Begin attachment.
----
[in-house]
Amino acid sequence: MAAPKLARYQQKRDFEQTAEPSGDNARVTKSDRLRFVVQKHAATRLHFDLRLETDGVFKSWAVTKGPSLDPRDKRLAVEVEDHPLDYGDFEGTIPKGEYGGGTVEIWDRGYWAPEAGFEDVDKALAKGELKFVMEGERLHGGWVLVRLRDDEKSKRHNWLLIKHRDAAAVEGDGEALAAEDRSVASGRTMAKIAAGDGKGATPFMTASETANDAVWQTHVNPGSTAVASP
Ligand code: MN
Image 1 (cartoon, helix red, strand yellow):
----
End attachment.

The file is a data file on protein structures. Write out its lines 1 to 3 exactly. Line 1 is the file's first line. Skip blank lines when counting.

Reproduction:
[in-house]
Amino acid sequence: MAAPKLARYQQKRDFEQTAEPSGDNARVTKSDRLRFVVQKHAATRLHFDLRLETDGVFKSWAVTKGPSLDPRDKRLAVEVEDHPLDYGDFEGTIPKGEYGGGTVEIWDRGYWAPEAGFEDVDKALAKGELKFVMEGERLHGGWVLVRLRDDEKSKRHNWLLIKHRDAAAVEGDGEALAAEDRSVASGRTMAKIAAGDGKGATPFMTASETANDAVWQTHVNPGSTAVASP
Ligand code: MN